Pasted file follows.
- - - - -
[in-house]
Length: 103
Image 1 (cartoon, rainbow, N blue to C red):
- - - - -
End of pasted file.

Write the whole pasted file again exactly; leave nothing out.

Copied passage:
[in-house]
Length: 103
Image 1 (cartoon, rainbow, N blue to C red):